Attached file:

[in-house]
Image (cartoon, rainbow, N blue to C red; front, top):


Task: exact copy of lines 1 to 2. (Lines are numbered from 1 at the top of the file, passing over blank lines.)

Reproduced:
[in-house]
Image (cartoon, rainbow, N blue to C red; front, top):